Quote by Lucy Alibar
It absolutely helped - to write the father in both 'Juicy' and 'Beasts,' I had to see the whole story from his point of view. All of a sudden I understood more of what my own father must be going through - the fear, the frustration, the anger... the hope that he'll leave a legacy.
This quote highlights the impact of writing from a different perspective. The speaker mentions that by portraying a father character in their works 'Juicy' and 'Beasts,' they gained a deeper understanding of their own father's experiences and emotions. Writing from the father's point of view allowed them to empathize with fear, frustration, anger, and the desire to leave a lasting legacy. This quote acknowledges how storytelling can foster empathy and provide insights into the complexity of parental roles and emotions.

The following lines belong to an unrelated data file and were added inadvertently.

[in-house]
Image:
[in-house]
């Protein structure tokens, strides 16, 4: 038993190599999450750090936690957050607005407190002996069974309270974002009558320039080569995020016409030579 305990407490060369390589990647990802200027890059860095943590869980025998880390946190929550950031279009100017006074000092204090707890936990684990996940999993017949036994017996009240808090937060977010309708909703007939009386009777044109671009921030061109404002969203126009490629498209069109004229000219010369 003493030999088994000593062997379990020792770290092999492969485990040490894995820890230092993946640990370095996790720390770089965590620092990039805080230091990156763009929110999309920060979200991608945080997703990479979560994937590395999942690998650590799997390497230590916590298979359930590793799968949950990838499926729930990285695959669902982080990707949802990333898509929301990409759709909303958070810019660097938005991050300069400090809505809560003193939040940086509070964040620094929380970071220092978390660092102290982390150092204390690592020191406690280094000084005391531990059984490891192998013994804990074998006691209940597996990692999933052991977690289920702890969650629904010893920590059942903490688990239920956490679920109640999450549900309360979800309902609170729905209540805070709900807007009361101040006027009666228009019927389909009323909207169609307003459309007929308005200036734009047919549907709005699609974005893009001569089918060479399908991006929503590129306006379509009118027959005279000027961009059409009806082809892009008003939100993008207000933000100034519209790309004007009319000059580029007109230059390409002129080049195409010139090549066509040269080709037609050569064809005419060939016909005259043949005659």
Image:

A man who has the courage of his platitudes is always a successful man. The instructed man is ashamed to pronounce in an orphic manner what everybody knows, and because he is silent people think he is making fun of them. They like a man who expresses their own superficial thoughts in a manner that appears to be profound. This enables them to feel that they are themselves profound.
Of all the major religions, or lack thereof, the atheist's is one of the best pretenders: his foundation for all existences, as well as moral behaviors for the permanent good of mankind, begins at science but ends at himself, the Napoleon complex of both intelligence and imagination. On the other hand the anti-theist wouldn't survive without a deity beyond himself to hunt. He doesn't pretend, he simply nullifies his own position.